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Re: [glosalist] Hello, I have some questions about Glosa

David ("David" <daveyporter@...>) on August 17, 2008

Hi Master 1077 - I will let other more knowledgeable glosa enthusiasts answer your more “technical” questions but yes, Glosa is a superb language however, as you probably know, there is no formal organisation to drive the language forward. Ron Clark and Wendy Ashby re-introduced the language that Professor Lancelot Hogben designed/constructed in the 1940’s (he called it Interglossa - see Interglossa by Professor Lancelot Hogben - Pelican Books published by Pensuin Books first published 1943). Regrettably Ron Clark died in 2001- up to that time Some African countries were being targeted successfully - Wendy Ashby continues to publish Plu Glosa Nota and back copies are available. There are glosa enthusiasts that have got to grips with the problem of the dictionaries so at least there is now one reliable “official” dictionary available (but only on the internet). I am impressed with the work carried out by Kevin Smith with regard to the dictionary (also available over the inet but not completed as far as I know) - he tried to deal with what he saw as the problem of word/meaning duplication. I have not seen any contributions to the glosa forum from him so assume that he is no longer involved with the language. I think that glosa does need some sort of organisation to promote it in a similar way that Esperanto has been organised and publicised - easier said than done. Regards, David JP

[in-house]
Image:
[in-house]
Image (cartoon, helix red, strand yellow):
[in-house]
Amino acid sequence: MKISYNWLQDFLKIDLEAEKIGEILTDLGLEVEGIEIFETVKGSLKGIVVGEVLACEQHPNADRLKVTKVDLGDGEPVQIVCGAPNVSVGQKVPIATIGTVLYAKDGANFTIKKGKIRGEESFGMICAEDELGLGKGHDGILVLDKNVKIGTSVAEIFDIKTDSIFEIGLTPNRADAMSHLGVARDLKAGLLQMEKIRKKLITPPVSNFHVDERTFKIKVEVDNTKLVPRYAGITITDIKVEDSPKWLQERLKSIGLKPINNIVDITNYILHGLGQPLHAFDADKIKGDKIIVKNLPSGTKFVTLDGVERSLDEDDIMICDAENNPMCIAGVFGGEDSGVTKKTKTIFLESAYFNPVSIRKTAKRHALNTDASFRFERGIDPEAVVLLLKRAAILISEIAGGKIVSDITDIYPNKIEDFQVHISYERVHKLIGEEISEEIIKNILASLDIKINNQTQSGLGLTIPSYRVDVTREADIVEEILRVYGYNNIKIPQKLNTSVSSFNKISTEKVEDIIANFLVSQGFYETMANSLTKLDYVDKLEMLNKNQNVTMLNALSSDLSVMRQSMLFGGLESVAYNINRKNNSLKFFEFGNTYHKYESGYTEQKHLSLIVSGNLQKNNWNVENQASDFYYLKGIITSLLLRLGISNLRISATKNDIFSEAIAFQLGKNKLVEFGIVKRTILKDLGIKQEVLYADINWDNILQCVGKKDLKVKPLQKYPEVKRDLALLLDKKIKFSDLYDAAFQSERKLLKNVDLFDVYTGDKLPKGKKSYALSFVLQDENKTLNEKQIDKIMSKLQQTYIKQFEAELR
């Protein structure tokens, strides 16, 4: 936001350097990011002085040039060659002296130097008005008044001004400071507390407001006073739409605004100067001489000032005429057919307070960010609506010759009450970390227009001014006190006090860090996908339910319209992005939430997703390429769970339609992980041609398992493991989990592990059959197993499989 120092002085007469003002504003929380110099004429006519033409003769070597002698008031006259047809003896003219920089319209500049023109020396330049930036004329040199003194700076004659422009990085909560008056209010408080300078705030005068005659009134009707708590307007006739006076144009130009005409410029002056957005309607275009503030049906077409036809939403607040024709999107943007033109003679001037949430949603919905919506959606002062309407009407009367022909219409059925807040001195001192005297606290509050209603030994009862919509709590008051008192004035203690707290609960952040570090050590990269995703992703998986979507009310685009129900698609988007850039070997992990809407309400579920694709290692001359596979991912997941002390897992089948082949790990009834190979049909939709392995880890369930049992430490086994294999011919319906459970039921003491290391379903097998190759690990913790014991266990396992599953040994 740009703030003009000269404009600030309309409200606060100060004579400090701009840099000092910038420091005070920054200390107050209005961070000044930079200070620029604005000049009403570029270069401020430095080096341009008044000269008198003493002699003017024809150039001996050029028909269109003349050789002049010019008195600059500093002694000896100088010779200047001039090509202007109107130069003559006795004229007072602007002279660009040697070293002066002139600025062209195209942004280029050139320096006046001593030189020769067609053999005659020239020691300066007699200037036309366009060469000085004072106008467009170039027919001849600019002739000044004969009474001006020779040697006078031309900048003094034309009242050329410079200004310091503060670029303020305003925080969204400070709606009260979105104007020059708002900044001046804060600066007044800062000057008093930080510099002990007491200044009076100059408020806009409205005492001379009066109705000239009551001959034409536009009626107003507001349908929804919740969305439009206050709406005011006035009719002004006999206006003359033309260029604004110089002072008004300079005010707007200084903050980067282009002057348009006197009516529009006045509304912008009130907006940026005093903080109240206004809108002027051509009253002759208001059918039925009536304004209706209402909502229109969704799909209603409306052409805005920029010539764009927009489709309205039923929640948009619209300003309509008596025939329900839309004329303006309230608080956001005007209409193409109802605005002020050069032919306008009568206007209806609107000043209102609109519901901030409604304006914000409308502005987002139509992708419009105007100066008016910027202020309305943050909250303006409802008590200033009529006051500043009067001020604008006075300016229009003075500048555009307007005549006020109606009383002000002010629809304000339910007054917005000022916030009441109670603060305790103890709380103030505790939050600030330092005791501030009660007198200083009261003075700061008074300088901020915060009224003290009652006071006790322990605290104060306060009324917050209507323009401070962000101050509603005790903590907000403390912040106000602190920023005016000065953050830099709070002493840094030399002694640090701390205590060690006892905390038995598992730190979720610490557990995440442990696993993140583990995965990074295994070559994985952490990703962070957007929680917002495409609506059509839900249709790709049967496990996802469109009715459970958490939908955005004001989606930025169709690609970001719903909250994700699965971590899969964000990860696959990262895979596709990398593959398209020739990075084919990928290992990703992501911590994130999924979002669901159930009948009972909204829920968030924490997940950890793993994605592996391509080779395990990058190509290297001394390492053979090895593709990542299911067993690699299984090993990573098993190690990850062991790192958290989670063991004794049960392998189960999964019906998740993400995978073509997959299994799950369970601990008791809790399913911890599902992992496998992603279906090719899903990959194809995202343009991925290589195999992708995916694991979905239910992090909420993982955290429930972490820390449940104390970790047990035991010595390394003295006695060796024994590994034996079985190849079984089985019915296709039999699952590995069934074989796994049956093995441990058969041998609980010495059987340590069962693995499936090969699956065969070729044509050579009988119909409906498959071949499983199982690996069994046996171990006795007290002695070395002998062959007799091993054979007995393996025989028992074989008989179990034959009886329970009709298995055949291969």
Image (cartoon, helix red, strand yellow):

hOriginal Message —– From: master1077 To: Sent: Sunday, August 10, 2008 3:43 AM Subject: [glosalist] Hello, I have some questions about Glosa

Glosa is a very interesting language. It’s words may be from Greek and Latin but it’s grammar is very similar to Eastern language like Chinese and Japanese. For example, you can take “manu” (manage) and put a “-“ and “pe”(person) to get “manu-pe” (manager).

When is it appropriate to use “-“? I know it’s mostly used for suffixes and prefixes but can I use it to combine concepts as well? For example if I want to say “Pollyanna” can I use “fatuo-optimisti”? Why isn’t “fatuo akti” hyphenated?

I have another question, is Glosa really a complete language? Can I say all science terms in Glosa?

Is Glosa still a living language? I don’t see many people using it on the internet and it’s a shame because Glosa is a beautiful language. I think it’s even easier than Esperanto and Ido because you use simple concepts to make bigger words and this language on has about 6,000 words. I wish the Glosa website would be updated more often. Perhaps you can have a news section in Glosa which will bring daily or weekly news? I think it will get more people interested in Glosa.

Is Glosa being taught in countries like Africa? Is Glosa being taught in America or Europe, yet? In other words, I would like to know how Glosa is spreading around the word.

Although the website hasn’t been updated in a while and no one on the internet really talks in Glosa, I am willing to still learn this language. I will make on-line videos and probably a website and message board to teach and spread awareness of Glosa, so please respond this this E-mail.

Thank you.

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Fast links: Interglossa » Glosa »

Re: [glosalist] Hello, I have some questions about Glosa - Committee on language planning, FIAS. Coordination: Vergara & Hardy, PhDs.